From figuring out where memories are stored to how sensory information translates to behavior, new technologies are helping neuroscientists better understand how the brain works.
Our team studied the activity of neurons in people with epilepsy. Neurons in the brain regions responsible for triggering seizures were much less diverse.
The key to understanding how brains can recover from trauma is that they are fantastically plastic – meaning our body’s supercomputer can reshape and remodel itself.
Cell cultures have shown promise in representing diseases. The Petri dish is not as different from a sick person as one might think.
Emotions play a key role in many types of spontaneous thoughts. Even microemotions — which are often fleeting and unconscious — can affect thoughts and influence attention.
Understanding how brain folding works could help researchers better diagnose and treat neurodevelopmental disorders.
Scientists have been mapping the brain for centuries. New visualization tools bring them one step closer to understanding where thoughts come from and new ways to treat neurological disorders.
The joint award recognizes the long road to deciphering the biology behind the brain’s ability to sense its surroundings – work that paves the way for a number of medical and biological breakthroughs.
Mounting research shows that going for a swim can preserve memories, reduce mood disorders and increase mental acuity in all age groups.
There’s buzz about MDMA – yes, the same ingredient in the street drug known as Ecstasy – being a game changer in the treatment of PTSD. A psychiatrist who treats PTSD says, “Not so fast.”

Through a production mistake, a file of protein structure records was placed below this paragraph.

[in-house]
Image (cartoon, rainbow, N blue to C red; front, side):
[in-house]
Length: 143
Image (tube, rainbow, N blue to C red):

Scientists still still don’t fully understand how general anaesthesia affects the brain and body. A molecule found in bioluminescent stony coral may shed some light.
Adaptable neurons are tied to learning and memory but also to neurological disorders. By studying fruit flies, researchers found a mechanism that controls neuroplasticity.
Knowing what cells are more vulnerable could some day help researchers know why these cells are more vulnerable than others.
The mystery of how the brain creates consciousness still puzzles scientists, but the mechanics of waking up are starting to be understood.
Neurotrophic factors play an important role in protecting neurons – which is why researchers are investigating them as a treatment for Parkinson’s.
Artificial brains are far in the future, but computer chips that work like brains could keep computers advancing when today’s silicon transistor chips reach their limit.
Decades of research have shown that the brain does not yield its secrets easily.
Medical treatments involving neurostimulation are resurfacing and appear to be more effective than drugs in treating depression.
Amyotrophic lateral sclerosis, Lou Gehrig’s disease, is a crippling, progressive neurodegenerative disease for which there is no cure. Now it seems that a diabetes drug may help some cases.
A bioengineer explains how a clearer picture of brain structure and function may fine-tune the ways brain surgery attempts to correct structure and medication tries to correct function.